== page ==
The University of Washington planetarium will host three free shows on Friday, December 2 at 5:30, 6:30, and 7:30 p.m. Reservations for all three times were snapped up quickly, but you can watch this site to see if tickets become available.

Pacific Planetarium in Bremerton will host its First Friday Sky Walk shows December 2, with a presentation every half-hour between 5 p.m. and 7:30 p.m. The shows look at what’s up in the sky for the coming month.

There are a variety of shows suitable for all ages every day at the Willard Smith Planetarium at the Pacific Science Center. You’ll find their complete schedule on our calendar page.

Futures file

You can scout out future astronomy events on our calendar. New additions to the calendar this week include:

Up in the sky

Venus and the Moon make a nice pairing on the evening of December 3. This Week’s Sky at a Glance from Sky & Telescope magazine and The Sky This Week from Astronomy offer more observing highlights for the week.

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Gifts for the astronomy and eclipse buff on your list

Turkey day has come and gone, and we’ve started getting a few requests for gift ideas for astronomy enthusiasts. This year, in addition to the usual tips about books, gear, and gadgets, we’ll have a special section devoted to the total solar eclipse that will cross the United States on August 21, 2017.

Our advice doesn’t really change much from year to year. Check last year’s post Gifts for the astronomy enthusiast on your list, Gifts for the astronomy enthusiast from 2014, Picking a gift for the astronomy buff from 2013, and Choosing a gift telescope from 2012. Too busy to scrape around in the past? A few quick tips:

Visit the Seattle Astronomy Store. It’s packed with our favorite gear, books we’ve read from authors we’ve interviewed, cameras, gadgets, and accessories.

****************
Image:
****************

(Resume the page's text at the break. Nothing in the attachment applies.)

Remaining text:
The best telescope

Smart-alecky astronomy types always say that the best telescope is the one that gets used. We tend to go with a Dobsonian reflector for outstanding bang for the telescope buck. Our personal model is the eight-inch Orion XT8 classic Dob. It’s nice on planets, super on deep-sky objects, but not so hot for photography, if that’s your thing. Dobsonians are pretty easy to set up and operate. For beginners, a good pair of astronomical binoculars can be a great tool for learning to find your way around the night sky. Get one that is at least 10×50—that’s ten times magnification and 50mm lenses. We have the Orion UltraView. Best yet, for great advice about how to choose the telescope that is right for your personal observing situation and interests, grab a copy of the classic The Backyard Astronomer’s Guide (Firefly Books, 2008) by Terence Dickinson and Alan Dyer. It’s a great reference, offers fantastic advice, and makes a fine gift in and of itself. The guide helped me get started, many moons ago, and I still use it often.

Your local experts

Cloud Break OpticsCloud Break Optics set up shop in Ballard last year, and has a fantastic showroom full of astronomy gear. They have an online store, but why non pop in and do some hands-on shopping and take advantage of their expertise and advice. Check their website for some great holiday deals. Support your local small business!

Eclipse info and swag

Next summer’s total solar eclipse will be the first to touch the continental U.S. since 1979. It’s not too early to start getting ready. That means that eclipse-related items will be welcome for most everyone. Michael Zeiler’s website The Great American Eclipse has an outstanding store through which you can purchase his fantastic eclipse maps and posters, as well as shirts, caps, sun-oculars, and other eclipse items. Get a 10-percent discount through Monday, November 28 using the code SAVE10. (Check out our article and podcast with Zeiler from earlier this year.) Eclipse glasses or viewers would make the perfect stocking stuffer this year; find them at Zeiler’s site or at the Orbit Oregon store.